Acting and production styles had changed a lot, and with more and more people preferring TV dramas over the big screen, it was hard for Ahn to make a mark. That all changed in 1980, when director Lee Jang Ho, just out of a huge controversy himself, cast him as the lead in Good Windy Day. Telling the tale of three friends living in the countryside, their big dreams and the even bigger reality they had to confront, Good Windy Day was the perfect opportunity to show the industry Ahn didn't fall under the usual glass ceiling which made many child actors crumble. After starring in the film, Ahn met two of the directors who would shape the rest of his career: Bae Chang Ho and, of course, Im Kwon Taek. The former might be lesser known outside Korea, but almost all of his films in the 80s were huge hits, and almost all of them starred Ahn, including 1982's People in the Slums, 1984's masterful road movie Whale Hunting, 1985's Deep Blue Night, and more.


One could argue Ahn perfected his acting style during that decade. From the free spirited homeless man in Whale Hunting, to the model student in Between the Knees, to the young man in love with Joseon's most famous gisaeng in Hwang Jin Yi, Ahn's greatest value as an actor was his ability to keep changing himself, while at the same time always exuding that familiarity, that down-to-earth charisma he still shows today. If Bae's films gave Ahn a chance to make it big with the public, Im Kwon Taek challenged him with demanding roles in some of the best films of the 80s. Recently completing his one hundredth film, Im started working with Ahn in 1981's Buddhist film Mandara, one of the classics of the genre, and just like Bae continued to cast Ahn in many of his future projects, first being Village in the Mist a year later.


The late 80s were a mix of success and failure for Ahn. His works with Bae Chang Ho, especially the historical drama Hwang Jin Yi and the human drama Hello, God!, didn't do too well at the box office, with some critics saying Ahn was falling into a slump. More commercial fare like Wanderer in Winter and Eoh Wu Dong did bring him success, but something needed to change. And that something came in the form of 1988's Chilsoo and Mansoo, one of the best social realist films Korea ever produced. The first of many collaborations with director Park Kwang Su, the film also marked the first meeting between two actors who would become extremely good friends over the years, Ahn Sung Ki and Park Joong Hoon.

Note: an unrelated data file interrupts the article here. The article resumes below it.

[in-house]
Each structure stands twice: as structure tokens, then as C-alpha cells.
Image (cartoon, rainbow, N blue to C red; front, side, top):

Another memorable Ahn film from this period was Lee Myung Se's madly ingenious 1988 film Gagman. Starring alongside his good friend and director Bae Chang Ho in one of the most creative road movies ever made, Ahn played a director wannabe stalking film studio sets to get his first production made. Sensing nobody would ever give him a chance, he enlists the help of a barber (played by Bae), who always dreamed of becoming an actor, and a young and beautiful woman (Hwang Shin Hye). The three become the mastermind of one of the craziest, most hilarious bank robberies ever put on film, facing the consequences in Hollywood-like fashion. The film was ignored at the box office, but a few people in the industry started talking about the film's young director, who first grew up under Bae Chang Ho's wings as a screenwriter. Lee would go on to make even crazier films, perhaps the strangest of them all 2005's masterpiece of cinematic flow, Duelist, starring (guess who?) Ahn Sung Ki, once again.